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Among all the tick-transmitted diseases, Lyme disease is the most common. Blacklegged ticks are the carriers of this lethal disease. This bacterial infection has varying degree levels and may lead to substantial health problems like kidney failure or even death. It is important that you should keep the dog safe by knowing all the essential facts about this disease. It is good to know the symptoms, treatment, and the time it has an increased chance to strike.
Detection in pets
Lyme disease can strike all over the globe. The name of the disease comes after the village of Lyme in Connecticut, the United States, post the first outbreak in 1975 in the same area. This disease continues to be regular slaughterer in this part of the world. As per CDC. 95 percent of confirmed Lyme cases come from 14 states. New York, Vermont, and Virginia are among the source states. When an infected tick bites the host, Borrelia burgdorferi, the concerned bacteria gets into the tissue causing numerous health complications. The infection enters the blood-stream about 24 hours later. In some cases, it may be 36 hours.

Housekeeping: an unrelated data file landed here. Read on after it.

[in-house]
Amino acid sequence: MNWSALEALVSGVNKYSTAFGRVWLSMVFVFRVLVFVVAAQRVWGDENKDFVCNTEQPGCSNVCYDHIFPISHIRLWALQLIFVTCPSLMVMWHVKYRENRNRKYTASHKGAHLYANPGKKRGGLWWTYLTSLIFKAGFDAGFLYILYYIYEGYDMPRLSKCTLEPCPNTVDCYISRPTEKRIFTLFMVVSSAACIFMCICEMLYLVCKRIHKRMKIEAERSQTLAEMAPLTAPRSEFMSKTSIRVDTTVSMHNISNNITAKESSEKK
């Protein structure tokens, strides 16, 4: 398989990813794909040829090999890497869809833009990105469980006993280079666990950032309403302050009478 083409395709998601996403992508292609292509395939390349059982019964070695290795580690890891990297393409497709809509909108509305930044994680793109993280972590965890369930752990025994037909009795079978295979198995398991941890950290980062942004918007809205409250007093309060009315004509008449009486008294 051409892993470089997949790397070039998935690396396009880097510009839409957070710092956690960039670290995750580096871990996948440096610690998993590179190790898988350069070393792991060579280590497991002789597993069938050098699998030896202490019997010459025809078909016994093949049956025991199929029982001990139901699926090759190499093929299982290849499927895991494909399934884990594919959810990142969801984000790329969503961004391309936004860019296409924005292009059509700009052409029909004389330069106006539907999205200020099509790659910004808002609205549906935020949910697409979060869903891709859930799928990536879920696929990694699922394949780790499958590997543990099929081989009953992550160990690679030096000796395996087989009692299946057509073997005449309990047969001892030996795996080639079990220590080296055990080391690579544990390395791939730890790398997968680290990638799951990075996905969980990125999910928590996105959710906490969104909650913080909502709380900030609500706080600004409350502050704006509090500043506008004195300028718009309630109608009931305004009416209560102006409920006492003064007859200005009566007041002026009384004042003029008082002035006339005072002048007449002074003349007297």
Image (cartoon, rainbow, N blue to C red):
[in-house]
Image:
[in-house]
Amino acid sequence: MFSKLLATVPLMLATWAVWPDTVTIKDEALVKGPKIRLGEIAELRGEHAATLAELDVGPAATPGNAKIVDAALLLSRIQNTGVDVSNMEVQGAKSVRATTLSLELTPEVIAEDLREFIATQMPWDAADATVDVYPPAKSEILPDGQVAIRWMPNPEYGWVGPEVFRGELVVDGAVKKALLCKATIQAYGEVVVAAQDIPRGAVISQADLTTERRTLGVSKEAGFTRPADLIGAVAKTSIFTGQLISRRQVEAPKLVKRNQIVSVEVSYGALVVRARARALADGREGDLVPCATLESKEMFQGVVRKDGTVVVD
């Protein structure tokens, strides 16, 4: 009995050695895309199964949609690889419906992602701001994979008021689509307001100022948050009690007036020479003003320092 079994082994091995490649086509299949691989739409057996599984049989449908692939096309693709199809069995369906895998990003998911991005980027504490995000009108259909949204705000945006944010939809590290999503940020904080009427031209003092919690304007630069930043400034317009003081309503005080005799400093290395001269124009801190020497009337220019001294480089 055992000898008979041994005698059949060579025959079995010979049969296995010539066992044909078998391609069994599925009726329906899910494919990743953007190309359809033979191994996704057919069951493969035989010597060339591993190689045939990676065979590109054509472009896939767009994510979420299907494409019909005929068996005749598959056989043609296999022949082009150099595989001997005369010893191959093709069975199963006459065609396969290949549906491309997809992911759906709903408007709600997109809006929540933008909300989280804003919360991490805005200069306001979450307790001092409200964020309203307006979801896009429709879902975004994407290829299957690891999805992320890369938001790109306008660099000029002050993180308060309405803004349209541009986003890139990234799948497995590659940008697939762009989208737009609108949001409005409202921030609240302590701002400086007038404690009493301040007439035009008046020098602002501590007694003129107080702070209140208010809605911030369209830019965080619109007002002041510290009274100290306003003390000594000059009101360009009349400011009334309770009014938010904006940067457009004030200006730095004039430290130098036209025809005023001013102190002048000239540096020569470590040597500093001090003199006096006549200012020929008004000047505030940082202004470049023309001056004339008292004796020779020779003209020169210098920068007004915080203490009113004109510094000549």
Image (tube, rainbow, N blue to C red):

It is easy to detect Lyme disease if it occurs in humans. The disease can be easily identified by the red rash on the skin. In dogs, however, detection is a little harder as canines do not suffer from rashes. To compound the problem, a dog could be infected for as much as five months prior to the infection showing itself as symptoms and signs. The list of such visual markers includes lameness, joint swelling, and joint pain, poor appetite, inactivity. Breathing difficulties, arthritis, fever, dehydration, increased touch sensitivity, depression, and swollen lymph nodes. In some cases, complications in the nervous system and heart abnormalities are also reported. When it comes to joint swelling and pain, the elbows and the knees are the most affected.
Lyme disease is difficult to diagnose and multiple symptoms of this disease appear to resolve by themselves. The symptoms are also common to a number of other diseases. Lyme mostly occurs in the months starting May and ending August. Two months-June and July- are the most vulnerable months. Ideal weather for Lyme disease propagation is higher humidity and warmer temperatures. The danger season may begin much sooner if less rainfall occurs.
If you live in a place where there is a greater incidence of Lyme disease, use the numerous vaccination options and tick-preventative products available via the veterinarian. The vet will first evaluate the age of the dog and its overall health. The canine’s lifestyle will also be put under the scanner. The professional will also take into account whether your dog is susceptible to the disease.